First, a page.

50143. AND & OR of Trees

I'm a slow walker, but I never walk backwards.

We will AND and OR two trees to generate a new tree.

The AND operation is similar to intersection of two sets. If we AND two trees $A$ and $B$ then only the nodes that appear in both $A$ and $B$ will appear in the result tree $C$. The value of a new tree node will be the product of the values from the two corresponding tree nodes from the two trees. An example of ANDing two trees is shown in the following figure.

Similarly we can define the OR operation, which is like the union of two sets. If we OR two trees $A$ and $B$ then a node will appear in the result tress $C$ if the node appears in $A$ or in $B$. The value of the new tree node will be the sum of the values of the two corresponding tree nodes in $A$ and $B$. If a node only appears in $A$ (or in $B$), the the new value will be the value of $A$ (or $B$). An example of OR operation is shown in the following figure.
Write two functions to do tree AND and OR. The input of the function is the pointers to the roots of trees $A$ and $B$, and the function will construct the result tree $C$ and return the root of $C$. You can use malloc() to create new nodes in the function if necessary. The tree node structure and function prototype is defined in the following header file "tree.h".

 typedef struct Node{    int val;    struct Node *left, *right;} Node; Node *treeAND(Node *root1, Node *root2);Node *treeOR(Node *root1, Node *root2);

You can use the following main.c to check your functions.

 #include #include #include "tree.h" void preorder(Node *root) {    if (root == NULL) return;    printf("%d ", root->val);    preorder(root->left);    preorder(root->right);} void inorder(Node *root) {    if (root == NULL) return;    inorder(root->left);    printf("%d ", root->val);    inorder(root->right);} Node *insertBST(Node *root, int val) {    if (root == NULL) {        root = (Node *) malloc(sizeof(Node));        root->val = val;        root->left = NULL;        root->right = NULL;        return root;    }    if (val < root->val)        root->left = insertBST(root->left, val);    else        root->right = insertBST(root->right, val);    return root;} int main() {    int op, n1, n2, val;    scanf("%d%d%d", &op, &n1, &n2);    Node *tree1 = NULL;    Node *tree2 = NULL;    for (int i = 0; i < n1; ++i) {        scanf("%d", &val);        tree1 = insertBST(tree1, val);    }    for (int i = 0; i < n2; ++i) {        scanf("%d", &val);        tree2 = insertBST(tree2, val);    }     Node *tree = (op) ? treeAND(tree1, tree2) : treeOR(tree1, tree2);     preorder(tree);    printf("\n");    inorder(tree);    printf("\n");     return 0;}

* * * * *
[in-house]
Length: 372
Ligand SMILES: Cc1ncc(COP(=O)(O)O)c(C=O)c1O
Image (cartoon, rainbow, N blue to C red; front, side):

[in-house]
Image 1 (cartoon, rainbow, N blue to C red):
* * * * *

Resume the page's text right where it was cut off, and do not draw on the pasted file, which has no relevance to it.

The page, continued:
Input Format of main.c

The input has four lines. The first line is the type of the operation -- $1$ for AND, and $0$ for OR. The second line has two integers $n1$ and $n2$, which are the number of nodes in trees $A$ and $B$. The third line and forth line are the values of the tree nodes in $A$ and $B$. They will be inserted into a binary search tree in the order they appear in the input.

• $1 \lt n1, n2 \lt 100$
• $0 \lt \text{node values} \lt 101$

Output Format of main.c

The first line is the result of a preorder traversal of the new tree $C$. The second line is the retuls of an inorder traversal of the new tree $C$.

• 50 points: AND opertion
• 50 points: OR opertion

Sample Input 1

 18 84 1 7 3 2 5 6 86 2 1 5 3 4 7 8

Sample Output 1

 24 2 15 6 49 642 6 15 24 49 64

Sample Input 2

 08 84 1 7 3 2 5 6 86 2 1 5 3 4 7 8

Sample Output 2

 10 3 1 8 5 4 14 5 6 161 3 5 4 8 10 5 6 14 16